Author: Kiley Reid
Finished on: 9 July 2020
Where did I get this book: An audible listen
Aauuwwwggghh. If I had to describe this book in one word, it would be buttock-clenching.
Kiley Reid is such a clever writer; such an astute observer of humanity and our foibles. But aauuwwwggghh.
The story revolves around two women – Alix Chamberlain, who is white and saturated in privilege she has used to build a very modern business writing letters and getting free stuff, and Emira Tucker, who is black and works as a babysitter taking care of Alix’s children. Alix becomes obsessed with Emira and decides they have *got* to be friends, but goes about trying to make that happen in ways that grow increasingly excruciating and dysfunctional.
The event in the book’s blurb – where Emira takes Alix’s daughter Briar out to the shop late at night because the police are on their way to the house (the reason for this being yet another one of the many layers to this brilliantly multifaceted story) and is stopped by the security guard who is suspicious and won’t let her leave – is a focal point of the action, but only one small part of the whole array of events and dynamics Reid dissects in such, yes, buttock-clenching detail.
Racism in many different forms come under the microscope, and so does classism, how much money you have-ism, and the meaning of friendship. One of the most moving themes in the book is authenticity. What does it do to someone to lie to the people around them, and also to themselves, about who they are and the experiences they’ve had? Reid covers a whole spectrum here, too, from downright deception to a vague sense of shame and distance that Alix, in particular, feels towards everything about her background. The scene where she attempts to parody her family’s thanksgiving traditions and ends up replicating them is, oh yes, buttock-clenching.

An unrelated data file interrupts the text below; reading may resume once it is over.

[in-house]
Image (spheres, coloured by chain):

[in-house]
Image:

Reid doesn’t let us fall into easy assumptions as simple as authenticity = good, though. Emira is at the other end of the scale, so chilled and comfortable with herself she’s let life move forward without pursuing any real goals or ambitions. There are different possible interpretations of the fun age of the title – but one would certainly be the mid-twenties struggle to find purpose and meaning in life that Emira is going through.
On top of all this food for thought, there is also some heartbreaking reflection on the damage that can be done by someone with a total lack of self-awareness when they become a mother. What happens when the instagram fantasy is more important than the reality with your family?
This is a profound novel masquerading as a much lighter-hearted one. Or maybe it’s time we recognised that books can be both those things at the same time.
Reid uses our well-honed aauuwwwggghh response – sharpened over years of social media usage – to examine some serious truths about people, the way we relate to each other and to ourselves. It is excellent. And you’ll have buns of steel by the time you’ve finished it.